Fortunately for Doug Evans, Bertha Tardy’s daughter, Roxanne Ballard found a check on her mother’s desk for $82.52 written to an ex-employee named Curtis Flowers. On his first day of work, several lawnmower batteries had fallen off a delivery truck Curtis was driving and Bertha said she would be deducting several hundred dollars from his next pay check. Frustrated by the prospect of working a full week without pay, Curtis didn’t return to work after the July 4th holiday.

Two weeks later, four innocent people were dead. Roxanne Ballard didn’t think Curtis Flowers had murdered her mother, she knew it.

In Winona’s black community, Curtis Flowers was known as a shy but fun-loving gospel singer who had never been in trouble with the law. On the white side of the tracks, however, he became a cold blooded killer willing to send four innocent people to their graves over eighty-two dollars and fifty-two cents.

At his trial in June, it became clear that investigators singled out Curtis Flowers as their only suspect within two hours of the crime. All they had to go on was Roxanne Ballard’s assurance that Curtis was the killer and that was enough.

You may be wondering why a 1996 murder was tried fourteen years after the fact. Actually, Curtis Flowers has now been to trial six times on the same evidence. Three cases have been overturned by the Mississippi Supreme Court due to prosecutorial misconduct and two trials ended in hung juries.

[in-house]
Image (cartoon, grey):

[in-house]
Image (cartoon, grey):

Shunting the worst crime in Winona history into the cold case file was simply not an option. So Doug Evans sent his investigator door to door on the black side of town with a picture of Curtis Flowers and a poster announcing a $30,000 reward. Black residents were asked if they had seen the suspect pass by their home the morning of the Tardy murders.

It took seven months to come up with a handful of eye witnesses. A woman who initially described seeing a short stranger was repeatedly called down to the police station until she finally confirmed the official story. At five foot ten, Flowers didn’t qualify as “short” and was hardly a stranger; the witness had heard him singing with his father’s gospel group on many occasions over the years.

Another witness has been in and out of mental hospitals on several occasions since this legal saga began. During one trial, she had to be transported from the mental hospital to the courthouse so she could testify.

A third witness says she saw Flowers running from the Tardy Furniture store, but her testimony is contradicted by the man who gave her a ride that morning and by several family members who insist she was with them at the time.

Another witness testifies that she saw Curtis leave his apartment on two occasions the morning of the crime. Last month, this witness was convicted in federal court for claiming over $600,000 in false income tax deductions.

This news came too late for Curtis. In June of this year he was sentenced to death by lethal injection.

Only once has Curtis Flowers been tried by a true jury of his peers. In trial four, all five black jurors held out for acquittal while all seven white jurors voted to convict.